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[Copyright,1*4. by the New York Press.]^And now they have gone, this senate^^nd house of representatives gone, with^only three months more of unhappy life^left in them. What are we to say^ One^year of almost continuous session, and^what have they done, and how have^they done it^ The Republicans cannot^use the language of reproach, of invect^^ive or abuse. The whole vocabulary has^been exhausted by themselves speaking^of themselves We cannot hope to equal,^in commenting on the senate, the tremen^^dous and effective words of the presi^^dent of their own choice. If wo were to
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THEEX-SPEAKERREVIEWSTHE WORK^OF THE DEMOCRATIC CONGRESS.
HeSend* Out a Forcible MciMf* Show*^the Democrats In Their True Light^^St.^Hecksnlfl and Down With Monopoly!^ Is^the New Warrry.
searchthe whole dictionary of diatribe,^we conld not equal the charge of ' 'par^^ty perfidy and party dishonor^ made by^thu president against the senate and re^^ceived by the house of representatives,^with its 100 Democratic majority, with^cheers and applause.
Ifwe were to comment upon the pres^^ident and his action, we conld not use^language half so damaging as Democrat^^ic senators used in open senate witn up^^lifted hands, asseverating the truth of^personal betrayal and personal bad^faith. If we were to comment upon the^house of representatives and its leaders,^we should be deemed guilty of gross^partisanship if wo used even their own^words iu describing their own actions.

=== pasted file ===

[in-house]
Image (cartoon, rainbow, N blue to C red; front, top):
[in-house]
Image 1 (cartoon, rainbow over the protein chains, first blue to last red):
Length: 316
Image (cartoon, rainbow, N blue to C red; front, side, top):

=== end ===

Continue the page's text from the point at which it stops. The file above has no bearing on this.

Whata condition for a partisan critic^to be in, to be obliged in common de^^cency to use softer words about his ene^^mies than they use about themselves I^And the enemies are not saints in em^^bryo, beating their breasts and confess^^ing their transgressions to reach the^heights of sainthood through the depths^of sin. Oh, no) They are simply earnest^men standing by the broken business of^a whole country and trying to tell who^destroyed it, and having met success we^obviously cannot use any language of^reproach or of harshness. Earlier and^^for that purpose^worthier hands have^gathered all those laure's. All we can^say is that all the three sides are prob^^ably right. The president and senate^have told the truth about each other^and the house about itself.
Withthis simple expression of faith^in their veracity, let us turn to a slight^review of what they have done. There^is no doubt that this review will be as^distasteful and unsatisfactory to the^majority of honest Democrats as to Re^^publicans themselves. Whatever good^there has been done has been spoiled in^the doing. If the house has yielded to^the dictates of a long denounced com^^mon sense and adopted proper rules, it^was only after all sound precedent had^been violated in the attempt to avoid^the necessity. If the congress has re^^pealed the purchasing clause of the Sher^^man act, it was only done after such^long delay as has deprived the country^of any advantage the repeal might have^given it. Nor has the mystery of the^collapse of the compromise and the con^^nection of the president therewith ever^been cleared up. Whether he consented^to that compromise or not is not for me^to say. That is a family secret, but it^is no family secret that thntcompromise^was not repudiated until after the Re^^publican members were sounded and it^was clear that they would have no part^or lot in it